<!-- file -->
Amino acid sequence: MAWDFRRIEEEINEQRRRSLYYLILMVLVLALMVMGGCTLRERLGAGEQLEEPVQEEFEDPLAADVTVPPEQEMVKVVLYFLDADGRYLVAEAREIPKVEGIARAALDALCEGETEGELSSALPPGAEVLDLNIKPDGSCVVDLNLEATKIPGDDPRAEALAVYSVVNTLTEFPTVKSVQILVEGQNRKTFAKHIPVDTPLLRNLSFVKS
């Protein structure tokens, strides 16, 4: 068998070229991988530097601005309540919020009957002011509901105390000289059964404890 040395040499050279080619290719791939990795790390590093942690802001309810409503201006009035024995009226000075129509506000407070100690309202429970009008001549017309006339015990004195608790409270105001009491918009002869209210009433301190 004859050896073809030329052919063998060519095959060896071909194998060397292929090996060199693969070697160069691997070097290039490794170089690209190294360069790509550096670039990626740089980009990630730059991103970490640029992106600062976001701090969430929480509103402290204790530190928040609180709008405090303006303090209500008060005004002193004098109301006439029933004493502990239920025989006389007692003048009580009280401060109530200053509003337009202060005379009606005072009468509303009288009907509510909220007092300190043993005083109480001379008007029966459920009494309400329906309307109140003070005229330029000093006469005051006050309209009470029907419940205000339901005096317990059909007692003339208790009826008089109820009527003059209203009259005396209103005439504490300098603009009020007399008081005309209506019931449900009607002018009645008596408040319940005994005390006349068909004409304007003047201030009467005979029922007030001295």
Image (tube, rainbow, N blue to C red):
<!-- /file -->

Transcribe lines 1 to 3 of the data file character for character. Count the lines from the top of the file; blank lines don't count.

Amino acid sequence: MAWDFRRIEEEINEQRRRSLYYLILMVLVLALMVMGGCTLRERLGAGEQLEEPVQEEFEDPLAADVTVPPEQEMVKVVLYFLDADGRYLVAEAREIPKVEGIARAALDALCEGETEGELSSALPPGAEVLDLNIKPDGSCVVDLNLEATKIPGDDPRAEALAVYSVVNTLTEFPTVKSVQILVEGQNRKTFAKHIPVDTPLLRNLSFVKS
């Protein structure tokens, strides 16, 4: 068998070229991988530097601005309540919020009957002011509901105390000289059964404890 040395040499050279080619290719791939990795790390590093942690802001309810409503201006009035024995009226000075129509506000407070100690309202429970009008001549017309006339015990004195608790409270105001009491918009002869209210009433301190 004859050896073809030329052919063998060519095959060896071909194998060397292929090996060199693969070697160069691997070097290039490794170089690209190294360069790509550096670039990626740089980009990630730059991103970490640029992106600062976001701090969430929480509103402290204790530190928040609180709008405090303006303090209500008060005004002193004098109301006439029933004493502990239920025989006389007692003048009580009280401060109530200053509003337009202060005379009606005072009468509303009288009907509510909220007092300190043993005083109480001379008007029966459920009494309400329906309307109140003070005229330029000093006469005051006050309209009470029907419940205000339901005096317990059909007692003339208790009826008089109820009527003059209203009259005396209103005439504490300098603009009020007399008081005309209506019931449900009607002018009645008596408040319940005994005390006349068909004409304007003047201030009467005979029922007030001295």
Image (tube, rainbow, N blue to C red):